John must have felt the weight of the world was on him. He had watched as Jesus died his slow agonizing death. Jesus had added to his burden by giving him the responsibility for the care of Mary, Jesus’ mother. There had existed a deep intimate bond between John and Jesus, so much so he termed himself, ‘the one Jesus loved.’ v2 His hopes had been dashed. Jesus’ words must have been going round in his head without him making full sense of them. It was in this state that Mary cut across all he was thinking with the news that Jesus’ body had been removed with no indication as to where. Peter and John were seen as the leaders of the disciples and so it was to them Mary went first. Both ran to the tomb, John being the faster but although he could see inside and see the linen strips used to bind Jesus’ body laid to one side he did not initially enter. Peter had no such hesitancy, and in he went. From the inside he could now see the separate material to bind the head had been laid where the head should have been. This was no normal raid on a tomb, what tomb robbers would delay to unbind the body? John plucked up courage and followed Peter into the tomb. It was at that moment that spiritual insight dawned on John. He recorded that moment in the briefest of terms. ‘He saw and believed.’ v8 What did he believe? It was not a complete biblical doctrine at this time. He confesses as much, ‘They still did not understand from Scripture that Jesus had to rise from the dead.’ v9 It was at that moment that John simply believed Jesus had risen from the dead. It was an amazing Holy Spirit induced insight. The most likely explanation was still what Mary had said, somebody had stolen the body. John was about to receive ample evidence to back up his belief but he believed without knowing the whole story. At what moment did you believe Jesus was raised from the dead? What led to that belief?


Do you remember when?

John: 20:1-29

Mary Magdalene – John 20:1-2, 11-18

In chapter 20 John pulls together several of the disciples’ personal accounts and experiences. He of course was one of them, almost certainly the disciple who out ran Peter and then hesitated at the tombs entrance. When reading the chapter as a whole in one go it felt to me as if I was overhearing the various participants personal stories. Perhaps told over a meal and a glass of wine, maybe even following sharing in the Lord’s supper. The honest vulnerability of Mary’s account captures perfectly the emotional spectrum she went through starting with her grief on the path to the tomb, then the distress at finding Jesus’ body gone as she rushed back to Peter and the other disciples with her news. Mary probably could not keep up with the men when they ran to the tomb. At some point she found herself alone there, standing outside weeping, her vision probably distorted by her tears and distress. Mary did not immediately grasp that Jesus had risen, she thought his body had been stolen, she answered the angel’s question with her despairing comment, ‘I do not know where they have laid him.’ v13 Turning she found herself facing Jesus but did not recognise him. Jesus repeated the question and clarified it with, ‘Whom are you seeking?’ v15 It was not until Jesus spoke her name that Mary, passionately, joyfully grasped it was Jesus who was addressing her. How much does this reflect your own journey as a seeker? When did you realise who Jesus is?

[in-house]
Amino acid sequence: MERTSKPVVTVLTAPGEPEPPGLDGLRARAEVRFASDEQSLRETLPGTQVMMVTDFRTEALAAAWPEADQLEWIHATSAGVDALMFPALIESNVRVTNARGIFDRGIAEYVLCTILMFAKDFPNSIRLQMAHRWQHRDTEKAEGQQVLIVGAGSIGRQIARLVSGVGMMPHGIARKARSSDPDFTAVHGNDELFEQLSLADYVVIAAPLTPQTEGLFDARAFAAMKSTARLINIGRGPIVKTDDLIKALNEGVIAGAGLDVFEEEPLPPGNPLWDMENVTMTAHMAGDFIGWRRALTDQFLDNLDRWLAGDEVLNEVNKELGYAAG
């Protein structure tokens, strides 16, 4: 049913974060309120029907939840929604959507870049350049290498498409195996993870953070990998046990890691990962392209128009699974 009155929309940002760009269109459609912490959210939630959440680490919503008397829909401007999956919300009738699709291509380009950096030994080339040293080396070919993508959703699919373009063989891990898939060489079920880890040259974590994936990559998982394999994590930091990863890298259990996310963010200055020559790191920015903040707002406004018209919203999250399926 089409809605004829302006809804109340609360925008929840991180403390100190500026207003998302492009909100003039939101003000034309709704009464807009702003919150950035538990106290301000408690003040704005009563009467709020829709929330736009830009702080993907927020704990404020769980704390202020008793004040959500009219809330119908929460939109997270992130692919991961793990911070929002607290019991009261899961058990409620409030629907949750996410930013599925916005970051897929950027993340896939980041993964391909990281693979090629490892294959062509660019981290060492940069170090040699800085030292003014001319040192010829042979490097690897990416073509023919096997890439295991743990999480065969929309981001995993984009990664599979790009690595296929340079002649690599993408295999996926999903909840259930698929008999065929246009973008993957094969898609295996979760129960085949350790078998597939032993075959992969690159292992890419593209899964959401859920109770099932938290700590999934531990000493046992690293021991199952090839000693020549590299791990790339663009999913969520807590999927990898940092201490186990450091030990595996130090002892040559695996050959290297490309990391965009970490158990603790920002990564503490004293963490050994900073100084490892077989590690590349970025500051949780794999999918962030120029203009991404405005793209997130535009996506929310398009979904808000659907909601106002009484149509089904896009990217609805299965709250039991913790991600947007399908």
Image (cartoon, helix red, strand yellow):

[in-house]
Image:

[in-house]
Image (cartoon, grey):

Do you remember when? John: 20:1-29

Everything changes

The tone of John’s gospel takes on a sudden shift at the beginning of chapter 20. Chapter 19 concludes with the hurried burial arrangements for Jesus’ body, ‘since the tomb was close at hand, they laid Jesus there.’ John 19:42 Chapter 20 opens with Mary Magdalene’s grief-stricken visit to Jesus’ tomb. It was her first possible chance, she couldn’t visit on the Sabbath and so before sunrise she made her way to Jesus’ grave. There then follows a series of events that are so unexpected that it becomes difficult to describe the emotions that flood out of the disciples. Awestruck, wonder, confusion, belief and disbelief, mystery, weeping, love, joy, passion and deep peace are words and phrases that describe the heady mix of responses felt by Jesus’ followers as the reality of Jesus’ physical resurrection sinks in.

However, the significance of his resurrection is far more than friends reunited. It has profound personal, global and eternal consequences. The deep personal consequences are summed up by Paul, ‘For those God foreknew he also predestined to be conformed to the image of his Son, that he might be the firstborn among many brothers and sister. And those he predestined, he also called, he also justified, those he justified, he also glorified.’ Romans 8:28-30 Jesus’ resurrection opened the way for his followers to be adopted children of God. Jesus’ resurrection heralds the future resurrection of all who have believed in him. ‘But Christ has indeed been raised from the dead, the firstfruits of those who have fallen asleep. For since death came through a man, the resurrection of the dead comes also through a man. For as in Adam all die, so in Christ all will be made alive. But each in turn: Christ, the firstfruits, then when he comes, those who belong to him. 1 Corinthians 15:20-23 Christ’s resurrection demonstrates his supremacy over the church and all things. ‘He is before all things, and in him all things hold together. And he is the head of the body, the church; he is the beginning and the firstborn from among the dead, so that in everything he might have supremacy. Colossians 1:17-18 Have you taken time to reflect on the breadth of consequences the resurrection of Jesus has for you personally and the whole of humanity?